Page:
Frustrated that nothing seems to have moved in a positive direction since an affordable housing summit on June 1, Orem leaders are holding an affordable housing charrette Thursday.
During the June housing summit, several needs and ideas were set forth by the public and guest speaker June Hiatt, policy director at the Utah Housing Coalition.
“We are holding the charrette to find out what people want and how they see that happening,” said Kena Jo Mathews, Orem’s community services manager. “We know the problem — it’s what are we going to do about it?”
For those who have heard the term but do not know the definition, a charrette is a meeting in which all stakeholders in a project attempt to resolve conflicts and map out solutions.
Mathews said a variety of stakeholders have been invited to be a part of the charrette, including UVU students, low-income residents, developers, realtors, city officials and more. The public is also welcome to attend.
Hiatt said at the June summit that if a person is spending 50% or more of their monthly income on housing, they are considered cost burdened. More people are finding they are in that category with rent and mortgages continuing to explode and wages staying stagnant; and the disparity between the two continues to grow.
According to the Utah Association of Realtors, the median home price in Utah County has risen drastically over the past several years: In June 2018, the median home price in Utah County was $315,000, and in June 2017, it sat at $273,000. In June 2010, you could get a home in Utah County for a median price of $197,000.
To only spend 30% of total income to purchase and pay mortgage for a home in the area, a person or household would have to make $93,000 a year. The average two-wage earner home in Orem is making between $75,000 and $79,000 a year, according to Mathews.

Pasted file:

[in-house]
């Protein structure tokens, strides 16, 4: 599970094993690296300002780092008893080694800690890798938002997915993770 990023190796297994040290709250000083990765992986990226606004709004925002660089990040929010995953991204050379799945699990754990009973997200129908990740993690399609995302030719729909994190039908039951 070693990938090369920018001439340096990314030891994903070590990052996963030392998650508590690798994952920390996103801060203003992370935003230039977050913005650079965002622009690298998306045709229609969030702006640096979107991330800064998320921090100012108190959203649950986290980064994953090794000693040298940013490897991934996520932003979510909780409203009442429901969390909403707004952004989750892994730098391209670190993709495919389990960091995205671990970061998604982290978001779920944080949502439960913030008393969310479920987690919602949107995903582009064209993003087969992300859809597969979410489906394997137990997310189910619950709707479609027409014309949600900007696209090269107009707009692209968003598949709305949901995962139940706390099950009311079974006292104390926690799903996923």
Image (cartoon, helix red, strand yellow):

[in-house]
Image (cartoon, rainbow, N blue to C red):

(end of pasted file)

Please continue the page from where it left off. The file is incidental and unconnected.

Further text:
Many local residents spend well over 30% of their income on housing costs, which often takes away from their food and transportation budgets. Mathews said that most people are two paychecks away from being homeless.
There are 51,000 low-income renters in Utah, Hiatt said. Of those, 67% are cost burdened. They have no disposable income.
“Not having disposable income affects the economic outlook of the state,” Hiatt said.
Data shows that 55,000 more units are currently needed to house the Utahns who are currently on housing waiting lists who share others’ home living spaces in the meantime. That includes adults living in their parents’ homes, or vice versa.
One of the difficult aspects for those who work in non-profit groups helping individuals to find affordable housing is that fact that many people don’t believe the need is as real as indicated.
After the 30% housing cost, people are using 20% of their income on transportation. The other 50% goes to food, medical, schooling, clothing and any other purchases.
However, the need is real enough that Senate Bill 34, which requires that cities plan for affordable housing, passed in this past state legislative session. Orem is working on in-depth programs to fulfill requirements set by the state, but as of yet has not had a clear direction or movement from stakeholders.
Another area of housing not getting adequate attention is senior citizens housing and housing for those with Americans with Disability Act issues.
The affordable housing issue is becoming more political as well. In a national affordable housing survey, 61% said they would vote for city council candidates who make housing one of their platform issues.
That has not occurred for the most part in Utah County. So Orem is moving to the charrette.
“We want a positive discussion,” Mathews said. “My hope is that we do something. Let’s show we’re committed.”
Mathews said she would like to see at least five workable ideas between tiny homes to affordably built homes.
Comparing it to a countertop, Mathews said there needs to be a mix; not all home owners need or want marble counters or even Corian. There are people who need housing that are just fine with the less expensive Formica counters.
The charrette will be from 6 to 9 p.m. Thursday, in the council chambers at the city building, 50 N. State St.